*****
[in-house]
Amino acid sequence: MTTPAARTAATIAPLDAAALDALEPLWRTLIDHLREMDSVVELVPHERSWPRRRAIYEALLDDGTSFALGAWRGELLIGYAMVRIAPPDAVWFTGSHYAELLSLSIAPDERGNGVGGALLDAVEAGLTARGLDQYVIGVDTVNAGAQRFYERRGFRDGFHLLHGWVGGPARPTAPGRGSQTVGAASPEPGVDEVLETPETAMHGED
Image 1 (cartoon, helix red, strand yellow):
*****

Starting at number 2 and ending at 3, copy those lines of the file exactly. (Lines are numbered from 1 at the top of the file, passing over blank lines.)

Amino acid sequence: MTTPAARTAATIAPLDAAALDALEPLWRTLIDHLREMDSVVELVPHERSWPRRRAIYEALLDDGTSFALGAWRGELLIGYAMVRIAPPDAVWFTGSHYAELLSLSIAPDERGNGVGGALLDAVEAGLTARGLDQYVIGVDTVNAGAQRFYERRGFRDGFHLLHGWVGGPARPTAPGRGSQTVGAASPEPGVDEVLETPETAMHGED
Image 1 (cartoon, helix red, strand yellow):